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Sermon for the 5th Sunday in Lent - April 7 2019

Sermon for the Fifth Sunday in Lent, Year C
April 7, 2019
The Rev. Evelyn Wheeler, Rector

Isaiah 43:16-21; Psalm 126; Philippians 3:4b-14; John 12:1-8

“Leave her alone.”

When I was in seminary we received some really good advice from my instructors:  We were cautioned of the danger of pulling just one verse out of the Scriptures and building an entire theology on it; and we were cautioned about pulling several verses from all over the Bible that happen to support one particular point of view.  But we were also encouraged, when settling down to write our sermons to keep them simple, and relatively short – at least within our denominational guidelines (in most white mainstream churches that meant no more than 12 minutes, and preferably no more than ten) – and to focus in on just one, two, or at most three thoughts.

Which seems to go against the idea that we should not just build on one or a few verses.

Let alone (ahem) a verse with three words in it:  “Leave her alone.”

But that is my choice of text today. 

Now as you realize, this verse is not isolated from the rest of the story in John’s Gospel that we heard today.  In point of fact, it is Jesus’ response to a specific situation and a specific problem, because what Mary was doing had a specific purpose that was necessary to the events that followed – and, indeed, the whole Christian good news.

Jesus was to die on the cross, and for that to be accepted as a reality that must be faced, not just by Jesus but by his disciples, then the reality of preparing the body for burial also had to be accepted.

Which as we know, was not something the disciples felt to be right and proper for the Messiah, the Anointed of God.

Just this once, Jesus told them, the mission to the poor and the outcast is less important.  Something else is more important even than that.

When my aunt lay dying in the hospital from cancer, in the late 70s, no one told her she was dying.  The medical people talked about treatment options; the family talked about what they would do when she was better and able to come home.  My mom, her sister, was horrified by this – she thought Eve had the right to know what she was facing, but she did not interfere; she just railed and raged and grieved when she was with Dad and me.  It was so hard for her to have to hide the truth from her sister.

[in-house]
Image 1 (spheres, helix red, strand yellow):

I later found out – in fact probably in the last year or so; I’m not sure exactly when – that my aunt had told her family she did not want to know if she were dying.

My mom was sure she would want to know; but her family had her own word that she did not.

Leave her alone.

Jesus is in a different place:  he wanted the disciples to know he was going to be killed, and they did not want to even think about it.

So when Mary came with her expensive spice from the Himalayas, that cost more than a laborer could make in a year; Judas went after her with all the venom he could command.

Mary and Martha and Lazarus were among the disciples; Mary was the one who sat at Jesus’ feet when Martha was fussed about getting dinner on the table; Lazarus was the one Jesus raised from the dead; and to treat Jesus as though he were dying was just too much for them all to take in.

And Judas, poor lost Judas, the betrayer, perhaps a thief, the one with dirty hands and a selfish bent, is the one who accuses her.

And Jesus said, “Leave her alone.”